As we all know, eugenics is the worst thing imaginable. Yet, over a million Americans alive today are the result of sperm and/or egg donations. In those cases, somebody had to choose for some reason which sperm or eggs to use (except, arguably, in the rare cases where a system to insure randomness was devised). So, the issues raised by infertility treatments are extremely interesting, as Unz.com commenter noyb points out:
A few years ago, I attended a number of informational meetings for people considering using egg or sperm donors. The format was always the same. Some doctors and lawyers would talk about the medical and legal issues. Then there would be a panel of 3 to 5 couples or single parents who had used donors. They would talk about their experience and answer questions from the audience. One of the questions was always how they had chosen their donor. All but one (more about this odd couple later) described spending days or weeks poring over catalogs of donors. As Chase says, the catalogs contained detailed family histories and information about health, education and athletic achievements for each donor, a picture of the donor and, always for egg donors and usually for sperm donors, an essay by the donor about herself or himself.I suspect cognitive dissonance / buyer’s regret might be a very real issue in this kind of selection process where prospective parents pick from a catalog but then, due to regression toward the mean and other vagaries, don’t get what they expected to get.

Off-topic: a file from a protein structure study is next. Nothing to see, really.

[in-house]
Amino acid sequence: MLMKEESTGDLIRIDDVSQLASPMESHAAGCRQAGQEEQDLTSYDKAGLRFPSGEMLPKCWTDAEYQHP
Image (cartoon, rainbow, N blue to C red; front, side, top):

Of the parents who used egg donors, all but one (the odd couple) said that they would not consider any donor who did not show proven exceptional intelligence. They focused on IQ’s, SAT scores, GPA’s (all must be very high), schools attended (only the most selective colleges) and academic majors (a preference for hard majors where a high GPA really means something, rather than soft majors where everybody receives high grades). Parents who used sperm donors were less likely to say intelligence was their top consideration. Many were more concerned about the subjective factors revealed in the personal essays. Artistic talent and athletic ability were the most sought after, but there were also a lot of parents who said that they had chosen a sperm donor whose essay seemed to indicate that he was a happy person. Not surprisingly, lesbians often focused on idiosyncratic factors. Many excluded men who sounded dominant or athletic. I remember one lesbian couple in particular who said that they had excluded all men who reported having body hair. A few lesbians, though, said that they had specifically selected dominant, athletic donors.